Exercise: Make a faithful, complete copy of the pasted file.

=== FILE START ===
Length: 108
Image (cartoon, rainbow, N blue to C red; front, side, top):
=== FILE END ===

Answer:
Length: 108
Image (cartoon, rainbow, N blue to C red; front, side, top):